Sun-Tzu and the Art of Business

Date: August 25, 2014

I had always wanted to read Sun-Tzu’s The Art of War – a classic piece of literature that, until recently, had yet to percolate to the top of my reading list. Having now completed it, I wish I’d read it long ago for the valuable lessons it contains on business strategy.

Certainly there are many parallels between the world of business and that of war. Consider that for many business leaders, the language of the military is commonly used to describe competition, selling and even organizational hierarchy. Phrases such as marching orders, field report and the occasional SNAFU permeate the vernacular of many companies.  While multiple schools of thought exist on how appropriate such a metaphor may be, I find it unlikely that it will be swiftly conquered.

As such, I’d like to reflect on some of the more poignant pieces of wisdom, as they relate to business, offered by Sun-Tzu. For those curious, the entire book can be read online at All reference numbers and quotations that you find in the following are drawn from this translation.

I.17:  “According as circumstances are favorable, one should modify one’s plans.” While it might be a bit of a stretch to say that Sun-Tzu foresaw Agile development, certainly the plan with which one goes to market (or battle) may no longer be relevant upon receiving real-time data. The ability to adapt quickly and in an orderly fashion can make the difference between success and failure – as well, maintaining the element of unpredictability in strategic execution can create challenges for the would-be competitive mimic. The point is later reinforced in VI.28: “Do not repeat the tactics which have gained you one victory, but let your methods be regulated by the infinite variety of circumstances.”

II.5:  “Though we have heard of stupid haste in war, cleverness has never been seen associated with long delays.” Here, the extremes of decision-making are underscored – both rashly proceeding without sufficient forethought and debating to the point that an opportunity is lost. I’m sure we all have experience with ideas or plans that lose their edge because of too much discussion and not enough action and while it is certainly true that Sun-Tzu is an advocate for deliberate calculations prior to engaging (see I.26), here he demonstrates that failure to act in a timely fashion poses significant risk as well.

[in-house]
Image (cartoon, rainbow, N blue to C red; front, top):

III.12:15:  “There are three ways in which a ruler can bring misfortune upon his army – 1. By commanding the army to advance or to retreat, being ignorant of the fact that it cannot obey… 2. By attempting to govern an army in the same ways as he administers a kingdom… 3. By employing the officers of his army without discrimination…” To paraphrase all three, I would simply say, “Making decisions at the top without sufficient information of what’s happening at the bottom leads to disaster.” This scenario can happen all too readily in a modern corporate environment, wherein an overly complex organizational structure and/or a plethora or lack of communication channels can cloud or distort the information being received from those at the front line, who have the best information about market trends or what customers are looking for.  For Sun-Tzu, the solution was to identify the best possible generals and to allow them to make the battlefield decisions. I suspect an apt metaphor would be to empower the appropriate individuals across the organization with the necessary authority to act on information in real-time and not rely exclusively on headquarters for centralized decision-making.

III.18:  “If you know the enemy and know yourself, you need not fear the result of a hundred battles. If you know yourself but not the enemy, for every victory gained you will also suffer a defeat. If you know neither the enemy nor yourself, you will succumb in every battle.”  Perhaps among his most famous quotes, here Sun-Tzu reminds us that knowledge of our own capabilities, be they of an army or of a company, are insufficient to guarantee success. For some, conducting an analysis of strengths, weaknesses, opportunities, and threats is the appropriate response; for others, detailing a competitive analysis as part of a corporate strategy is the best execution of this principle.  While the tactics vary, the overall strategy of knowing oneself and one’s enemies, and then using that knowledge to the best possible effect (as exemplified in I.21 through I.24), remains sound even today.